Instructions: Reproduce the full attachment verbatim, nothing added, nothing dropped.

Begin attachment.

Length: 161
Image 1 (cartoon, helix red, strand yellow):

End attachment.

Length: 161
Image 1 (cartoon, helix red, strand yellow):